Dr. Chernak says that events like these are important to building a sense of community and pride among GW students and parents. They are "sort of an exclamation point to the fact that this is a special place—that things happen here."
Reflecting on his 24 years at GW, Dr. Chernak says his interactions with members of the GW community—including his more than 250 employees—have been "a big part" of his focus.
Rather than the increase in applications, residence halls, or athletics championships, he cites his greatest accomplishment as "having the right people in the right positions doing the right jobs, and providing the kind of vision and leadership that is necessary to spur their best efforts."
He has always placed a heavy emphasis on the "human component" of his work, he says, and promotes idea-sharing to help people "think outside the box and expand their understanding of what is possible.
"I'm not driven by getting the paper stuff done; I'm not driven by getting to every single email; I'm not driven by answering every call within five minutes. I am driven when someone has a problem—a student has a problem and they need help; a parent has a problem; an employee has a problem—I'm driven by that."
Jessica McConnell Burt
In recognition of all that Dr. Chernak has contributed to the university, an anonymous donor established the Robert and Linda Chernak Endowed Scholarship Fund and made a large commitment to GW's Barcroft Park project, a multimillion-dollar renovation of GW baseball's home field in Arlington, Va.
Vice President for Development and Alumni Relations Mike Morsberger says the endowed scholarship is a "demonstration of the love the collective GW family has for this man."
"I cannot begin to tell you how often alumni, parents, and various other friends and donors bring up Bob's name," Mr. Morsberger says. "Bob is an administrator, a faculty member, a legend in the field of enrollment management, an alumnus, a donor, a vocal Colonials fan, an advocate for all things GW—Dr. Chernak is an institution."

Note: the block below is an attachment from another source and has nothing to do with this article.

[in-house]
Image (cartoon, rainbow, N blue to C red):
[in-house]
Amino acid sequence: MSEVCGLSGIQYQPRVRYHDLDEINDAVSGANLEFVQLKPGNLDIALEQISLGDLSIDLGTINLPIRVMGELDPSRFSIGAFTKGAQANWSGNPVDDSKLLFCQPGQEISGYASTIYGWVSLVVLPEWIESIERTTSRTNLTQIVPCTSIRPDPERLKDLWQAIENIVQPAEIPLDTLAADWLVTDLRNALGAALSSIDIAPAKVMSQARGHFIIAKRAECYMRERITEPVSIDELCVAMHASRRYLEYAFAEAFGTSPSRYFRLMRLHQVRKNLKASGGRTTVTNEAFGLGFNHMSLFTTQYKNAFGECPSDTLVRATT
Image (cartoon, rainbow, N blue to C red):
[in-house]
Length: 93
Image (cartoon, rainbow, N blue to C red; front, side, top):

While Dr. Chernak is proud of the academic advancements the university has made since 1988, he says it's what students learn outside the classroom that truly prepares them for life after GW.
"It's the invisible part of a GW education that is beyond the facts you learn" that makes students successful, he says. "That invisible part prepares students for a 'life worth living'—a successful career, sense of family values, financial acumen, a good sense of citizenship, and being a valued member of the community.
"Those are the kinds of attributes I like to see GW graduates have when they leave that make them very special and very identifiable as someone who has a GW degree."
Jessica McConnell Burt
Dr. Chernak says he is looking forward to joining the GSEHD faculty in January.
"I think I have enough working knowledge of higher education through things I've done over the years that I can bring a very pragmatic approach to the classroom in addition to all the theory," says Dr. Chernak, who taught at a junior college in Boston as his first job after serving in the U.S. Navy during the Vietnam War.
"I always said that when I was ready to step out of administration, I'd like to go back to the beginning and finish my career in the classroom," he says. "And that's what I now have an opportunity to do."
For more information on Dr. Chernak's career at GW, including a photo gallery and video, visit go.gwu.edu/chernak.